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Madagascar


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Terra Casta


Much of Madagascar's flora and fauna is unique to the island. There are 3000 endemic species of butterfly; the many endemic species of lemurs fill the niches occupied elsewhere by animals as varied as racoons, monkeys, marmots, bushbabies, sloths and even (though this variant is now extinct) bears; there is a similar diversity of reptiles, amphibians and birds (especially ducks), and also at all levels of plant life. Wine is produced on Fianarantsoa Island. Unemployment is a serious problem in Madagascar, consequently, travellers have to be alert to avoid theft and ensure their personal safety like anywhere else in the world where desperate poverty is encountered.


Antananarivo:

The capital, Antananarivo, is high up in the Hauts Plateaux near the island's centre. The broad avenue "Araben my Fahaleovantena" connects the Zoma Market with the railway station. The Zoma Market is a major attraction every day but more particularly on fridays. The Place de l'Indépendence is the heart of Tana, banks and fancy shops are here. There are even two cybercafés in Ratsimilaho Street. Moving to the south of the city center is Anosy Lake with the monument to the dead heroes of World War-I, erected by the French when Madagascar was still a colony.
ph©to: Bernard Cloutier
Madagascar
©2001: Bernard Cloutier

ph©to: Bernard Cloutier
Madagascar
©2001: Bernard Cloutier


Tourism:

ph©to: Jan Aarts
Madagascar Sundown
©1998-2002: Jan Aarts/NL

ph©to: Tourism
Madagascar
©2001: Tourist Office

Endemic wildlife and spectacular rainforest are the attractions in Parc National d’Andasibe-Mantadia. Whale watching can be done on Ile Sainte Marie from July to September while lazing on glorious beaches. The land is poor but the scenery is beautiful with great baobab trees and flowering bushes are everywhere, even around isolated farms in the rice fields near Tana.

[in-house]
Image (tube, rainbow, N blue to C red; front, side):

ph©to: Bernard Cloutier
©2001: Bernard Cloutier
ph©to: Bernard Cloutier
©2001: Bernard Cloutier


Culture:

"He hira gasy" is a unique spectacle of music, dancing and story telling, performed by a number of wildly clad troupes of about 25 performers. The performances begin with a complicated and eloquent kabary (discourse by an orator); the message within the kabary is then performed by the troupe in wonderfully exuberant song and acrobatic dances accompanied by tinny trumpet and clarinet music. The themes are always upbeat, extolling, and encouraging young people to respect their parents. At the end a large hira gasy, the extent of the audience’s response to the performances determines which troupe has won.


NOSY BE is the largest of the islands off the north-west tip of Madagascar (itself torn away from mainland Africa a mere 160 million miles ago), Nosy Be presents an appealing and utterly relaxed holiday mood, thanks to the lure of palm-fringed beaches and splendid coral reefs. Ylang-ylang, lemon-grass, patchouli, vanilla, cinnamon and coffee are among the aromas in the air of this 'Ile Parfumee' as you wander among the friendly market and little shops of the 'capital', the unjustly-named Hell-ville! Beyond are the crater lakes and the panoramic views from the foot of Mt. Passot, while a boat trip to Nosy Komba island brings you to the Black Lemur Sanctuary, habitat of one of 30 species of the charming lemur, unique to Madagascar.


Economy: